She was born in Milan to Arnaldo Pasqua and Signora Ida Dalla Pasqua.  Her mother died in September 1999 at the age of 100.  She had been a widow since April 1966.

Shortly after marriage, they lived in Copenhagen, Denmark where he was an engineering consultant.  They located in Geneva, Switzerland in 1960.  In 1989 he was instrumental in the founding of Gowen Research Foudation.

He became a member of the Swiss financial community and continued there in 1990 and in 2000 where he operated a fi­nancial agency.

Children born to Miller Abbott “Bud” Gowen and Albarosa Guissepina Luisa “Mimma” Dalla-Pasqua include:

Timothy Albert Gowen born December 11, 1957
William Michele Gowen born October 16, 1960
Sarah Frances Gowen born December 11, 1961

Timothy Albert Gowen [Miller Abbott10, Miller Abbott9, James Francis8, James7. William Keating6, James5, William4, William3, Thomas2, Mihil1], son of Miller Abbott “Bud” Gowen and Albarosa Luisa “Mimma” Dalla-Pasqua Gowen, was born December 11, 1957 in Milan.  He was graduated from George Institute of Technology in 1982.  For a time he was a stock broker in New York City.  In 1992 he lived in Geneva and continued there in 2000 as chief financial officer for Ares-Sarono, a pharmaceutical company.

William Michele Gowen [Miller Abbott10, Miller Abbott9, James Francis8, James7 William Keating6, James5, William4, William3, Thomas2, Mihil1], son of Miller Abbott “Bud” Gowen and Albarosa Luisa “Mimma” Dalla-Pasqua Gowen, was born October 16, 1960 in Geneva.  He was married there November 16, 1991 to Laura Losacco who was born December 13, 1962.  In 1992 and in 2000 William Michele Gowen and Laura Losacco Gowen lived in Geneva.

He was graduated in law from the University of Geneva in 1984, but chose to work for Nomura instead of taking his bar exams.  He was transferred to Tokyo where he lived for several years, [speaks Japanese fluently] before returning to Geneva where he has worked as an investment banker since 1987.

Four sons were born to William Michele Gowen and Laura Losacco including:

Sean Victor Gowen born December 13, 1991

Sean Victor Gowen, [William Michele11, Miller Abbott10, Miller Abbott9, James Francis8, James7 William Keating6, James5, William4, William3, Thomas2, Mihil1], son of William Michele Gowen and Laura Losacco Gowen, was born December 13, 1991 in Milan, Italy.

Sarah Frances Gowen [Miller Abbott10, Miller Abbott9, James8, James7. William Keating6, James5, William4, William3, Thomas2, Mihil1], daughter of Miller Abbott “Bud” Gowen and Albarosa Luisa “Mimma” Dalla-Pasqua Gowen, was born December 11, 1961 in Geneva.  She was married January 10, 1992 in Geneva to Marco Betancourt.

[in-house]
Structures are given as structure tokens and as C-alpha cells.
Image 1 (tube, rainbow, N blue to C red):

She lived in Hong Kong for six years before she was divorced. She attended The University in Beijing for a year and travelled Western China extensively.  She speaks Chinese as well as a several other languages.  In 2000, she lived in Taiwan where she worked as the assistant editor of the English language newspaper.

DeLancey William Gowen, [James Francis7. William Keating6, James5, William4, William3, Thomas2, Mihil1] son of James Francis Gowen and Anna Elizabeth Abbott Gowen, was born about 1856, probably in Camden County.  He was married about 1878 to Mary O. Kerr.  He appeared in the 1880 census of Floyd County, Enumeration District 62, page 78, as:

“Gowen, DeLancey 24, born in Georgia
Mary 19, born in Georgia
Thomas   1, born in Georgia”

“Delancey W. Gowen” was listed in the 1889 city directory of Atlanta, living at 132 Chapel in the city of 50,000 population.

Twelve children were born to Delancey William Gowen [or DeLancey Wooley Gowen] and Mary O. Kerr Gowen, including:

Thomas Morgan Gowen born in 1879
Annie Gowen born about 1881
Milton Gowen born about 1883
D. W. Gowen born about 1886
Cecil Agnes Gowen born about 1888
George Gowen born about 1895
Marion Benson Gowen born April 29, 1901

Marion Benson Gowen, [Delancey William8, James Francis7. William Keating6, James5, William4, William3, Thomas2, Mihil1] son of Delancey William Gowen and Mary O. Kerr Gowen, was born April 29, 1901.  He was married about 1931 to Elizabeth Irene Pendley.

Two children were born to Marion Benson Gowen and Elizabeth Irene Pendley Gowen:

Margaret Elizabeth Gowen born January 24, 1935
Walter Benson Gowen born November 13, 1944

Margaret Elizabeth Gowen, daughter of Marion Benson Gowen and Elizabeth Irene Pendley Gowen, was born January 24, 1935.  She was married about 1955 to Robert L. Dickson.

Four children were born to them:

Teresa Dickson born about 1958
Robert Gregory Dickson born about 1961
Richard Eric Dickson born about 1964
Lori Elizabeth Dickson born about 1968

Walter Benson Gowen, son of Marion Benson Gowen and Elizabeth Irene Pendley Gowen, was born November 13, 1944.  He was married about 1980 Ricki Lynn Hardy.

One child was born to Walter Benson Gowen and Ricki Lynn Hardy Gowen:

Michael Benson Gowen born August 15, 1985

Charles Moore Gowen, [William Harrison8, James7. William Keating6, James5, William4, William3, Thomas2, Mihil1]son of William Harrison Gowen and Anne Elizabeth Wright Gowen, was born in May 1872.  Of this individual nothing more is known.